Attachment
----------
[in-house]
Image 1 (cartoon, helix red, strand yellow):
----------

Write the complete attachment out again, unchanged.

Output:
[in-house]
Image 1 (cartoon, helix red, strand yellow):